Efavirenz & Emtricitabine & Tenofovir – UK

Efavirenz & Emtricitabine & Tenofovir – UK

On Mar 21, 2017, in Teva UK Ltd. v. Merck Sharp & Dohme Corp., [2017] EWHC 539 (Pat)(U.K. High Court 2017(Arnold, J.), claimants Teva et al. successfully challenged the validity of the Patentee-Defendant’s Supplementary Protection Certificate for the anti-retroviral medication “Atripla”.
In these proceedings the Claimants challenge the validity of the Defendant’s (“MSD’s”) supplementary protection certificate SPC/GB08/022 (“the SPC”) for a product described in the SPC as “A combination of efavirenz, emtricitabine or a pharmaceutically acceptable salt or ester thereof, and tenofovir or a pharmaceutically acceptable prodrug, salt or ester thereof, particularly tenofovir disoproxil, especially tenofovir disoproxil fumarate” (“the Product”). The SPC covers a product which is marketed by Bristol-Myers Squibb Co (“BMS”) and Gilead Sciences Inc under the trade mark Atripla. Atripla is an anti-retroviral medication used in the treatment of human immunodeficiency virus (HIV).
The Claimants contend that the SPC does not comply with Article 3(a) because the Product is not protected by European Patent (UK) No. 0 582 455 (“the Patent”), which is relied upon by MSD as the basic patent for the SPC. It may be noted that MSD obtained the SPC by amending the Patent to insert claim 17 and relying upon claim 17 as protecting the Product, but MSD did not rely upon claim 17 at trial. Instead, MSD relied solely upon claim 16.
The Claimants contend that the SPC does not comply with Article 3(c) because MSD had previously obtained an SPC for efavirenz based on the Patent, namely SPC/GB00/35 (“the 035 SPC”), which expired on 19 November 2013. It is common ground that the Patent discloses and claims both a class of compounds which includes efavirenz and efavirenz itself specifically. Accordingly, the Claimants say that the Product has already been the subject of a certificate within the meaning of Article 3(c), which compensated MSD for the delay in exploiting the invention in the Patent as a result of the need to obtain a marketing authorisation for efavirenz.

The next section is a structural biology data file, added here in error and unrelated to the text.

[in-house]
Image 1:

Court finally with respect to  Article 3(a)concluded that the scope of protection of claim 16 of the Patent extends to a combination of efavirenz and tenofovir or to a combination of efavirenz and emtricitabine, but not to a combination of all three. For the purposes of considering the Claimants’ case under Article 3(c), Court shall assume, contrary to the conclusion reached above, that claim 16 covers the combination of efavirenz with one or more nucleoside analogues active against reverse transcriptase, and hence covers the Product. Thus Court concluded that the SPC is invalid because it does not comply with either Article 3(a) or Article 3(c) of the SPC Regulation.
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